Lady M and Tim
What if we attach too much importance to glamor in the culture? I have been thinking about this quite a bit over the past few days after seeing posts regarding how a vampire’s outward appearance should hold mystery and power; that which can be seen by the eye, mainly the adornments and attire that they choose to wear when in public. I know that this might not sit well with some but I shall explain further.
We are a culture that are seeing more and more people flocking to our groups, pages and events. Does it make any difference whether they are dressed in simple, casual clothes as long as, from within, the inner vampire, the identity and what we know to be a part of us, is present?
For lack of a better explanation, are we suggesting to newcomers to the culture that they spend money that they might not be able to afford to adorn their closets with the beautiful, ethereal clothing that so many post pictures of as if to say, if you look the part, you will feel the part … ? Please don’t get me wrong, to attend a ball in a beautiful gown would be something that I would absolutely love to do, one day.
I, personally, have not one gown in my closet that would be considered worthy of attending a ball … as a matter of fact, I own no gowns at all… why??? To be perfectly honest, it is of more importance that we have money for food, housing and utilities… have we considered the fact that newcomers might shy away from even contacting groups looking for help if they think that in order to “join the club” that they need to max out their credit cards to purchase a wardrobe worthy of attainment of vampire glamour??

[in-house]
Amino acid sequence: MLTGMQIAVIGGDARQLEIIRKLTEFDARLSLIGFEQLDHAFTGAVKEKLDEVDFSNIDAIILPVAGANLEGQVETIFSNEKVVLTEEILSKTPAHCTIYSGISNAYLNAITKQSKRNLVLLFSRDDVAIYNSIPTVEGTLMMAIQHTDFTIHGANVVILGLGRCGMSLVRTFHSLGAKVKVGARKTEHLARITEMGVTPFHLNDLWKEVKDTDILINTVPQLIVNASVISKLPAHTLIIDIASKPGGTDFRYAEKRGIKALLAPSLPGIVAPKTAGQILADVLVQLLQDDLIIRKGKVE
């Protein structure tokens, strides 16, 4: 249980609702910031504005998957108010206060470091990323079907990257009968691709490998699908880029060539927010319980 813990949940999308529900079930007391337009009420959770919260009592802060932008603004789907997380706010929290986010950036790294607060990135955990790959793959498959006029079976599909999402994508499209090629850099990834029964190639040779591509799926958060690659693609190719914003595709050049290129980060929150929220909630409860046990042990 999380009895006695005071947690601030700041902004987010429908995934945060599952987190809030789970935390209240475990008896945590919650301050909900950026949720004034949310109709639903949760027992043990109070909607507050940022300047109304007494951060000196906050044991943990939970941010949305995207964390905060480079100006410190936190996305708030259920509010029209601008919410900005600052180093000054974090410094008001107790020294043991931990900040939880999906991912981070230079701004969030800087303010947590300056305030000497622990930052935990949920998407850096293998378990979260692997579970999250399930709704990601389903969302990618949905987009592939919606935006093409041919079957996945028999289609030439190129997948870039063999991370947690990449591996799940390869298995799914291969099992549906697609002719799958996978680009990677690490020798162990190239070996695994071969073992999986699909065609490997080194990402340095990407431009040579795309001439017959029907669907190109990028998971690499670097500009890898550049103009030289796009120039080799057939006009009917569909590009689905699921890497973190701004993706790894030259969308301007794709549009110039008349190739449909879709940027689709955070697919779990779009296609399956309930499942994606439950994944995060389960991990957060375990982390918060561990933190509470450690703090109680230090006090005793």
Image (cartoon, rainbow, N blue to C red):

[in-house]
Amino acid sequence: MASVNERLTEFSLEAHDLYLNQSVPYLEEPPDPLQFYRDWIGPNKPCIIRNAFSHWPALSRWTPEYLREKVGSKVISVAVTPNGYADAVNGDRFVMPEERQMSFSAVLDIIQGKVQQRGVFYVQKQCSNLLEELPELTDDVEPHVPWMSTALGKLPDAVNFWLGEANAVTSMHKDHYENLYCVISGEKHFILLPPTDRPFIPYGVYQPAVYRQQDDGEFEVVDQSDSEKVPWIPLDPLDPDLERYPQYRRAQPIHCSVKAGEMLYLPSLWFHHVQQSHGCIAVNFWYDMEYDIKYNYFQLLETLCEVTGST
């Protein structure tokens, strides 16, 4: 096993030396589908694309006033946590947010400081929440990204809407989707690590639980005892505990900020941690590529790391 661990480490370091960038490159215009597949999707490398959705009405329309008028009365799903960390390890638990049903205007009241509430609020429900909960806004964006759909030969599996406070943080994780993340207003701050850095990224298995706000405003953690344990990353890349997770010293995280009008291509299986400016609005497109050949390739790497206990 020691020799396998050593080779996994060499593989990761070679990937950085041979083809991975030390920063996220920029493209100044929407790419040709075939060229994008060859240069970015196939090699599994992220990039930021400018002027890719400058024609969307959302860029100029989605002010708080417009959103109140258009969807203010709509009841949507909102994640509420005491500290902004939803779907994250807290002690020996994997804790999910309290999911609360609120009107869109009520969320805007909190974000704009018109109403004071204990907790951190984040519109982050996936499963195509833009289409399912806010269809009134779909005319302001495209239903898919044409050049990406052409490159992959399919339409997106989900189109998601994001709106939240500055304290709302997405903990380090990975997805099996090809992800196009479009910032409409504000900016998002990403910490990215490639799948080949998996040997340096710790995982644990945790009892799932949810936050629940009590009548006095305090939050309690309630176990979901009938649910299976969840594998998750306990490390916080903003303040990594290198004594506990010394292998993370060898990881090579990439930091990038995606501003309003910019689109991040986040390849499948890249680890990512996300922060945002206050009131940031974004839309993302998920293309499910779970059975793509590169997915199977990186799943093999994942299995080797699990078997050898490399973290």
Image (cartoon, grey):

A great number of people that I speak to on a daily basis, who identify as modern living vampires are doing it hard, trying to make ends meet and to make sure that their families are looked after. Does this make them less glamorous than those who can afford the accoutrements to be “more acceptable” in the culture?
~ Lady M.
There’s an old saying, goes something like, “beauty is only skin deep” – while it can easily be demonstrated that the modern Vampyre culture has, in the day-to-day, none of the usual trappings associated with the Victorian-romantic ethos created by the 19th century written works about Vampires it can equally be said that honesty, duty, honour and tolerance have also taken a back seat. Glamour can hide the reality but it can’t eliminate it.
The truer “beauty” comes from within and is, often, simply enhanced by the outward appearance so while we are thinking of getting “glamorous” I would suggest we also think about reinforcing that “beauty” with honour, a return to honour or, even if you think there never was any, then building a stronger honour code, a deeper understanding and a wider co-operation. Maintaining a well-balanced peace, accepting the differences that bind night-kin into a wider cultural entity and then presenting the whole package as a “way of life”.
I hope no one will misunderstand what I’m attempting to convey either, and yes… one day I would like nothing more than to escort my lovely wife, suitably attired of course, to a ball and therein to mix, mingle and experience the glamour side of this culture but, more than that, I would like it to be in a civilised and honourable setting where the ladies are treated accordingly and the gentlemen conduct themselves accordingly. “Old fashioned” you cry, “no, just a nice guy” I reply.
Copyright Lady M, TB & RVL 2017
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